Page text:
I read an article recently by Sandra Howlett, grief specialist, who talked about walking through a labyrinth, like a maze that eventually leads to the center if the right path is chosen. In a labyrinth, there is but one choice to make—to enter or not. The labyrinth is a metaphor of the journey inside oneself to gain understanding for living in the world. In this case, Sandra became increasingly aware of the parallels between walking the labyrinth and the journey of grief. I found the comparisons she makes startingly familiar for myself. I thought of my friends who have gone through this and even those I don’t know personally who are on a grief journey. I hope everyone reading this gets a personal insight into this particular labyrinth: the labyrinth of grief.

Some of the points Sandra makes:

She saw a single way in and out but no quick way to get from here to there. As you walk in a labyrinth you can lose sense of how long you have been there. Grief time can get convoluted…from standing still to totally losing track of time.

Other’s footprints were in the sand reminding her that she was not the first nor would she be the last who would walk this path. It was a comfort to know someone else had been there. At other times there have been others in the labyrinth with her, each on his own journey at his own pace, silently stepping aside to allow each other to pass if they meet in the same "lane." It is possible to be in the same lane and going in opposite directions. Such is grief, as everyone does it a little bit differently.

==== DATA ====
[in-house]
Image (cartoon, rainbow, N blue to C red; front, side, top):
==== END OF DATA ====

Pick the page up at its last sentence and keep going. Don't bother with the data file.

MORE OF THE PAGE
The design of the labyrinth includes what appears to be backtracking switchbacks on the way to the center as well as to the exit. Grief often feels like two steps forward, one step backtaking a lot of time or effort with indiscernible results. There were moments of impatience and frustration that she wasn’t moving ahead (aka healing) as fast as she wanted to, meeting switchbacks on the path and wondering when she would get to the end. She reminded herself to simply put one foot in front of the other and trust that she was going to get to where she was going. The faith in that simple strategy helped her squash other worries, concerns and distractions…just one step at a time.

A couple of times she stumbled and almost fell, but caught her balance. Her first thought was to look around to see if anyone saw her. Why do we concern ourselves with what others might think when we are struggling and doing the best we can?

At the ‘halfway’ point of the labyrinth is the center, an open area. For some reason, the walk out seems faster than the journey inward much like returning from a trip. One recognizes some of the terrain and feels a little bit clearer in the navigation. Familiarity of knowing the way or an eagerness to find ways to integrate any insights gained may be the reason.